Although there were rumored to be several options for recovering EMS cost in excess of insurance payments--including an annual flat fee per household subscription similar to that in Chesterfield County--on the table when the program was designed, revenue recovery, as presently constituted, was approved by the supervisors with little discussion. Perhaps Goochland’s population is just too small to make the subscription plan economically feasible.

The motives for cost recovery are pure. According to Ferguson, the county experiences NUA (no (EMS) units available) several times each week--sometimes on the same day--even with paid providers. Cost recovery was a way, in times of shrinking county revenues, to fund a vital service.

The methods of communicating the program to the citizens, however, were murky. Goochland needs EMS providers in place 24/7. We have an amazing corps of skilled and committed volunteers, but just not enough to keep up with the burgeoning demand for service.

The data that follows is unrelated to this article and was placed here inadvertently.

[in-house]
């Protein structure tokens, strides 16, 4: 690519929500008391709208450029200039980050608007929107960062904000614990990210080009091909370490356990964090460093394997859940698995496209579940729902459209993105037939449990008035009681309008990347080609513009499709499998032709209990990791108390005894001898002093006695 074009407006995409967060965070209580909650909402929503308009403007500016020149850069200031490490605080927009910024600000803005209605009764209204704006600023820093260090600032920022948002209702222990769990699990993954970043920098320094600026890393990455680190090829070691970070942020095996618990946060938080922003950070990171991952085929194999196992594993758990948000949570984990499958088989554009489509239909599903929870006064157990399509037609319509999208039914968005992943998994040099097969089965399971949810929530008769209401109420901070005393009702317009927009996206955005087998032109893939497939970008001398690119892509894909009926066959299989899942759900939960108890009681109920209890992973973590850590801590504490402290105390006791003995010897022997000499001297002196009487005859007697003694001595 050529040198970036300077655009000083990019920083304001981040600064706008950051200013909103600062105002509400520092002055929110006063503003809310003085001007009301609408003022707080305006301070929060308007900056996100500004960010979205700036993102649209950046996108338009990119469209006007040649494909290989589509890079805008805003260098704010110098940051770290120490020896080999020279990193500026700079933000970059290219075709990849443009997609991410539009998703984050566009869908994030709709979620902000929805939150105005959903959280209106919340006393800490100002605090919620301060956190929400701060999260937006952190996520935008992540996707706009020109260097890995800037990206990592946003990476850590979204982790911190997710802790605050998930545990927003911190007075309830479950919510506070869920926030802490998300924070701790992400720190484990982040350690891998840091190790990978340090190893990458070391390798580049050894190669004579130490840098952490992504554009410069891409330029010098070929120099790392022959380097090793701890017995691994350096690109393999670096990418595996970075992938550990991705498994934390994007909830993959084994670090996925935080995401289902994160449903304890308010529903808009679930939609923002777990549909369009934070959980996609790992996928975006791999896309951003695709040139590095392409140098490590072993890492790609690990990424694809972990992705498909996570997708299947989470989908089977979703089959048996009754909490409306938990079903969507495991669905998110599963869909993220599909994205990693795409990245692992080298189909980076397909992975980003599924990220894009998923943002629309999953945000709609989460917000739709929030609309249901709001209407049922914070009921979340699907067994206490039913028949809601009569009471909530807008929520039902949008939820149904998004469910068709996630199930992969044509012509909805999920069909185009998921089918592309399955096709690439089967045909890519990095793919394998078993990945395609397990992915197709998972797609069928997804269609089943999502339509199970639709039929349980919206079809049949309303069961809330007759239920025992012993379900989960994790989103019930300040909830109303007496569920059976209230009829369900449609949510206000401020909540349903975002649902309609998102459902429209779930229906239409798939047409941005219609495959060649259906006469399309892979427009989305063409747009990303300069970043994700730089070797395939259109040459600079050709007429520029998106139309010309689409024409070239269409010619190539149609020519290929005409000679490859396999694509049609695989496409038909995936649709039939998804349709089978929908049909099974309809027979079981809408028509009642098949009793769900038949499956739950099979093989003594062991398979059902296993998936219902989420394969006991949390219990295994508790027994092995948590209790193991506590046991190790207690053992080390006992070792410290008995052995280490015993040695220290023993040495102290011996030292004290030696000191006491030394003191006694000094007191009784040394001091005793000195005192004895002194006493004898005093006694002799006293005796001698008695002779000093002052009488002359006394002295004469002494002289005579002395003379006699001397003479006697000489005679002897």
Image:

Also, according to Ferguson, Goochland EMS responds to a significant number of calls on Interstate 64 and Rt. 288, transporting patients who do not live--or pay taxes--in Goochland. Cost recovery provides a mechanism to offset the expense of that service.
MacKay told the supervisors that contributions to fire-rescue increased by more than 40 percent in 2013, allaying fears that cost recovery would have adverse consequences for volunteer fundraising. It remains to be seen if the generosity of citizens will continue as they realize that EMS is no longer free. Will future cost recovery fee increases be necessary if too many citizens decline to pay their bills?